I actually like the slighly rounded edges of hot rolled material, it works for this application. If I can get the part to eject easier and reduce the galling it will be perfect for this project.
    I will check if I can get the material wheeled only and for now I will test with blasted parts.
    As a guess for a part this small I would think $4-$5 per part lasered and bent?

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    Quote Originally Posted by M. Moore View Post
    Here are the photo's of my super quick test jig.
    I think using round bar would help with the release after pressing, the part does get stuck in this setup.
    I am getting a nice flat bottom with crisp corners, which is good. 50 tons does help that result, I actually only use about 18 tons.
    So how can I get the part to release better and still maintain an accurate size?
    I have some 1.5" chromed rod, is that too large? Robf's was only 9/16.

    I do have some time next week to try out a new die setup and utilize some of the suggestions.

    Thanks for all the input.
    I knew that part looked familiar....:
    Single-Axle Trailer Hanger Kit for Double-Eye Springs - 3-1/4" Front, 1-1/4" Rear etrailer Trailer Suspension APS4

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    Quote Originally Posted by M. Moore View Post
    Here are the photo's of my super quick test jig.
    I think using round bar would help with the release after pressing, the part does get stuck in this setup.
    I am getting a nice flat bottom with crisp corners, which is good. 50 tons does help that result, I actually only use about 18 tons.
    So how can I get the part to release better and still maintain an accurate size?
    I have some 1.5" chromed rod, is that too large? Robf's was only 9/16.

    I do have some time next week to try out a new die setup and utilize some of the suggestions.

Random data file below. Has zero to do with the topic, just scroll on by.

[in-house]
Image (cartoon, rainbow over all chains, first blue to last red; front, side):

Thanks for all the input.
    Put some draft on the "punch", use lube. They make lube for drawing dies, but I'm sure even a bit of spindle oil or waylube would help.

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    I would remove one of those dies from the base and reweld another block (without round corner) farther away, so you have a wider slot. Then use the block you removed with spacers behind it (or stout bolts threaded into back block) Then you would have room to use a sacrifice piece to protect edge from galling. I thin your 1 1/2" round is to big, material may bulge out below the round and get stuck or not look as crisp a bend. It could work if you split it in half and welded it to a square edged riser. If you do this you want the riser to be short, maybe 3/8" or so. This will let you use vise grips to squeeze the part to the ram so the ram will pull it out, part needs to stick up out of the dies so you can grab it.
    Here is another pic of my set up, I made this after a few like you made thad were never the right size again. If you look you see a 1/16" spacer tacked to the 1/2" sq riser so the bent material can not bulge under the round top part. You can also see the frame has no bottom so if you do parts without a square bottom they can be pushed through.
    p1070042.jpg

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    Still trying to learn how to tow a trailer, eh? Good for you.

    Did you fucking miss the part where he said "This part does not have any other features"?